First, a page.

The long-term sustainability of horticulture in the Midwest, and making the most of new data and technologies was the focus of a Mid West Horticulture Grower Group workshop held in Geraldton last week.
The workshop, which was held at DPIRD’s research station due to biosecurity issues associated with it being held on farm, was attended by horticultural growers from all around the Geraldton region, with the majority being of Vietnamese background.
Energy Farmers Australia director Euan Beamont kicked-off the workshop with a presentation about a demonstration that he has been involved in for the past two years entitled Poultry Litter Biochar Fertiliser for Horticulture. This project has been carried out on Bao Duy Nguyen and Bao La Nguyen’s property in Walkaway.
Euan said that scientific evidence suggests that incorporating biochar into the soil will result in less chemical fertiliser having to be used. The demonstration looked at different rates of fertiliser and biochar to determine which produced the best economic outcome. As the demonstration has only been conducted over two years, the results are not yet enough to make solid conclusions, but do provide invaluable information and a starting point for further work.
“Initial results suggest that low rates of fertiliser and biochar was the most economical,” said Euan. “However, when biochar is applied at a moderate rate with fertiliser there are benefits.”
Euan also demonstrated a biocar kiln that he and his business partner, Tom Vogan, had developed to produce biochar.
“Unfortunately we weren’t able to see, the kiln in operation, but we were given a rundown on how it worked,” said NACC Sustainable Agriculture Project Manager Sarah Jeffery.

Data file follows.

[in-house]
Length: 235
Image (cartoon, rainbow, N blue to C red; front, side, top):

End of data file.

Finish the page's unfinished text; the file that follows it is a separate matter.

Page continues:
“It was great to just be able to see it, and the growers were quite fascinated,” She said.
The full results of this demonstration will be available soon on the NACC and Energy Farmers Australia websites.
Bao Duy then went on to give a presentation of his Nuffield Scholarship. Boa received the award in 2017 after he investigated the field of protective cropping in horticulture in low-tech greenhouses, with an emphasis on monitoring technology and water sustainability issues. Through the Scholarship, he was able to travel to a number of different countries – including Spain, Italy and Netherlands – to investigate this.
Bao Duy said that every country varied in its technologies and methodologies, and the experience gave him much needed information that would help him to modify his property and practices to be more sustainable and competitive.
To ensure everyone there knew what was happening during the workshop, Bao Duy translated both his and Euan’s presentations into Vietnamese.
“It was an extremely interesting evening,” said Sarah.
“Not only did we all learn more about horticulture in our region, but also across the world.
“I’m sure that both Bao Duy’s scholarship presentation and Energy Farmers Australia’s demonstration will help to make horticulture in the Midwest more sustainable and competitive.”
The event was supported by Clayton and Weir, and the Department of Primary Industries and Regional Development, and NACC – with funding from the Australian Government’s National Landcare Program and Regional Landcare Facilitator.